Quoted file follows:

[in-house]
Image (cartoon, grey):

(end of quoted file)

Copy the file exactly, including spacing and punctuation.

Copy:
[in-house]
Image (cartoon, grey):